One part minimalist, one part industrial, and one part modern, this simple DIY wall light will bring a unique organic touch to any room for about $25!
I searched high, low and far across the vast internet for just the right set of wall-mounted lights to go in our guest room. I knew I wanted them to be simple in design with a mix of wood and a warm gold-toned metal. Lastly, I wanted them to be inexpensive and unique.
When I say “inexpensive”, what I’m really trying to say is “cheap”. You see, the penny-pincher in me couldn’t grasp spending more than $25 per light.
And when I say I want a “unique” light, what I really mean is there would be a 99% chance that nobody else would have a set of wall sconces like ours.
Well, that’s until I show everyone how easy the lights I created for our guest room are to make.
*Some of the supplies can be found at the home improvement store but I’ve included affiliate links to help you find the all the parts you’ll need.
What you’ll need to make one light:
- A piece of wood that’s 1-1/2 ” x 1-1/2″ x 13″ long. I used cedar that we had left over from another project we made for our guest room.
- Twisted Cloth Wire – I chose black and white but they have many colors available. This is long enough to make 2 lamps depending on how far away your electrical socket is. You’ll need about 2-1/2 feet extra to loop around the wood and for the wire that hangs down.
- Mid-century style plug -Or you can go with a standard plug at a hardware store.
- Antique-style gold lamp socket with a switch. Note: The lamp socket I purchased wasn’t in stock when I just checked. But this one is very similar but I’m not sure if it comes with a cord strain relief.
- 1/4″-20 T-nuts aka Bolt Droppers. Home improvement stores have these in packs of 2.
- Gorilla Glue is optional but recommended for soft wood like cedar.
- 1/4″ x 2″ hanger bolts. These are double-ended screws that are coarse thread on one end and machine bolt threaded on the other end made for mounting to a stud.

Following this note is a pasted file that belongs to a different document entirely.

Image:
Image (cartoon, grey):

Note: If you aren’t mounting in a stud, you’ll buy a 1/4″-20 threaded rod. Then, you’ll secure them into the drywall with 1/4″ toggle bolts.
Before we get started, I need y’all to promise me something. This is just the mom in me. If you attempt anything from this blog post, please use caution and common sense when working with power tools and electricity. We got that? Ok. Let’s go.
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Set the miter saw to 31.62 degrees and cut one end of the wood. The wood bracket will end up being about 12″ long.
Then, clamp the bracket to the work table. I used a block a wood between the clamp since cedar is a soft wood. Since the width of the t-nut is 3/4″ wide, use a slightly larger 7/8″ wide Forstner bit to make a place to countersink the t-nut. This will allow the bracket to sit flush against the wall.
Next, using a 5/16″ drill bit, make a hole to insert the t-nut. The depth should be around 1″ deep for the hanger bolt. Add a few drops of Gorilla Glue inside the hole and underneath the t-nut. Then, tap it in with a hammer.
After that, you’ll add the holes to feed the twisted wire using a 3/8″ bit. Drill at an angle at least an inch back so you leave clearance for the hanger bolt. On the other end, you drill straight down about 1-1/2″ from the end.
Now’s a good time to sand and seal the wood. I chose to leave mine raw but Danish oil would be my choice if I decided to protect the cedar.
Now it’s time to wire our light fixture! I know not everybody likes being hands-on with electrical work. When I made my first light fixture, I was nervous, but oh how the years have changed me. There’s something very enjoyable about making something yourself.
I won’t go into details on how to wire a lamp, but you can use this tutorial for reference. Tip: When using cloth wire, use a lighter to burn the frayed fibers where the wire was cut.
This is how it’s all put together before reconnecting the lamp socket. Don’t wire the plug until after the next step.
The next step is to insert the hanger bolt in the wall and then twist the bracket to the wall. After that, thread the wire starting from underneath the front part of the bracket.
Adjust the height of the light fixture to your liking. I have mine hanging about 9″ down. Then loop the wires around and feed it down the back hole from the top. After that, all that’s left to do is wiring the plug and then you have yourself a beautiful handmade wall light!
So maybe you thought making your own DIY wall light would be a difficult task? I promise, once you get past the first one, you’ll be ready to make another. If you like the idea of making your very own custom lights then I bet you’d love one of these other light projects:
Linking this project to some of my favorite blogs such as: